Torin, who is in the Sixth Form, overcame her nerves to deliver her two stanza poem The Mountain in three languages, all of which she speaks fluently - English, Danish and Kurdish. Born in Denmark of Kurdish parents, she came to the UK a couple of years ago and is thriving at Lawnswood. She told me that her favourite poem is To His Coy Mistress by Andrew Marvell, which she has studied for A Level English Literature. She received the loudest applause of the evening.

Guest poet John Siddique also charmed the audience, which joined in his reading by repeating lines from one of his children's poems. "Poetry is the art of noticing," he asserted. He is very wary of publishers who choose book covers for their authors (most of them) and he is proud that one of his poems - about love and sincerity - was apparently banned in Russia (in translation) after it was handed out in photocopied form by supporters of the controversial Pussy Riot protestors, who were imprisoned for dancing in a Moscow cathedral. 

His most moving poems came towards the end - for example one about his eighty-four year-old mother. "I worry about her every time I see her," he told us. "She never hugged us once we'd stopped being small." the poem deals with an emotional meeting during which he massaged moisturiser into the palm of her hand. He finished his reading with a poem about a walk through Manchester, in which he notices the sounds and music of other cultures - Romanian, African and French - that he encounters. He hears the music of the kora (West African stringed instrument) and an accordion, and befriends a woman called Maria, who plays the same three chords in the street over and over again. "We would not have had the poetry we had tonight if it hadn't been for the most natural thing on the planet, migration," he told us. "Just look around the room."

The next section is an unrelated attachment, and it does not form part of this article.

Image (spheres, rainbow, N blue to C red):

In a series of workshops preceding the Poetry Gala, John had given guidelines for private writing and plenty of general advice, like "Be vulnerable. Run ahead of your own ego." He led creative writing sessions (poems which are lists, poems about things which people carry around with them, poems about the place where you grew up, for example) and read out one or two of his personal favourites - like extracts from Walt Whitman's Leaves of Grass, Flowers in May by D H Lawrence and somewhere i have never travelled by e e cummings. Some of the poems read by the students in the course of the evening were the result of the workshops, some were not and some are still being worked upon.

Audience Comments
Wonderful opportunity for our students to work with John. Fabulous performances and great to hear the context behind the poems. Shame it wasn't better attended. (Head Teacher)

Wonderful event. A lovely end to a challenging day. Uplifting and thought provoking. Thank you.

Inspiring! Great to hear the young poets (illegible section) and musician.

John Siddique quite amazing - remarkable poetry (illegible section) Many thanks!

Some powerful readings from pupils and excellent poems from John Siddique. Very enjoyable for a poetry 'newbie' and maths teacher

It was great, poetry was powerful. I loved the violin playing.

Fantastic event! Great way to get children involved in learning. The poetry reading was super and the children did great! Really enjoyed the evening. Thank you.

Inspiring, beautiful work.

It's very nice. It's really nice evening. Thank you so much for all of you.

I really enjoyed the close knit setting of the place - it felt like a conversation not a presentation. John Siddique breaking/halting his poems to talk about the background and experiences of his poems. Torin reading her poem in Danish - it sounded so beautiful. Owen - his involvement in the music

The guy playing the music so well was really impressive.

Great stuff. Needed more student poetry and some info/background from John perhaps on the provenance of the pieces

I really enjoyed all the performances it was beautiful.

Excellent to hear students reading deep and meaningful poetry that they have written. John Siddique - excellent.

A dozen poems but one very strong theme - angst, worry (illegible). How well these youngsters express themselves and good they have an opportunity to be able to express their darker feelings through such personal poetry.

A lovely opportunity to explore their own writing skills and perform to an audience. Who knows where it may lead?

Lovely to include music in the poetry showcase.

Good to hear John Siddique (illegible) read some of his own work. What a chance for the young people in the audience!


An Evening with Andrew McMillan and Linda Black

Linda Black and Andrew McMillan                               Photo by Richard Wilcocks
Richard Wilcocks writes on Linda Black: